About water

Urchatz (hand washing)

Water is refreshing, cleansing, and clear, so it’s easy to understand why so many cultures and religions use water for symbolic purification. We will wash our hands to get us ready for the rituals to come and to prepare us for the meal.

To ceremoniously wash your hands, you don’t need soap, but you do need a cup to pour water over your hands. Pour water on each of your hands three times, alternating between your hands. Pass a pitcher and a bowl around so everyone can wash at their seats.

Too often during our daily lives we don’t stop and take the moment to prepare for whatever it is we’re about to do, so let's pause to consider what we hope to get out of our evening together tonight. (Go around the table and share one hope or expectation you have for tonight's seder.)

As we prepare to wash our hands, let us remember that many in the world do not have access to clean water. Clean water is a basic human right. One in ten people currently lack access to clean safe water. That’s nearly 1 billion people in the world without clean, safe drinking water. Almost 3.5 million people die every year because of inadequate water supply.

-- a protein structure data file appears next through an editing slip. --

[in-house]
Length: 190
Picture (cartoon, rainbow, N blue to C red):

In Hebrew, urchatz means “washing” or “cleansing.” In Aramaic, sister language to Hebrew, urchatz means “trusting.” As we wash each other’s hands, let us rejoice in this act of trust, while remembering the lack of trust between those in Flint, Michigan, and those who supply and control their access to water.  Let us also remember that the number one consumer of fresh water in the US is for the raising of animals to produce meat, dairy and eggs.  In response to California’s recent drought, citizens were prohibited from watering their vegetable gardens, but no such restrictions were placed upon meat and dairy farmers.  Cumulatively, 90% of the state’s water is used in the rearing of animals.

Pass the bowl & pitcher around the table, pouring a few drops of water onto your neighbor’s hands.  

After you have poured the water over your hands, recite this short blessing.

בָּרוּךְ אַתָּה יְיָ אֱלֹהֵֽינוּ מֶֽלֶךְ הָעוֹלָם, אֲשֶׁר קִדְּשָֽׁנוּ בְּמִצְוֹתָיו, וְצִוָּנוּ עַל נְטִילַת יָדָֽיִם

Baruch Atah Adonai, Eloheinu Melech ha-olam, asher kid’shanu b’mitzvotav v’tzivanu al n’tilat yadayim.

We praise God, Ruler of Everything, who made us holy through obligations, commanding us to wash our hands.

haggadah Section: Yachatz